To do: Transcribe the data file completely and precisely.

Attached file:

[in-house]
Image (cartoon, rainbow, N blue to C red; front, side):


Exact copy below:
[in-house]
Image (cartoon, rainbow, N blue to C red; front, side):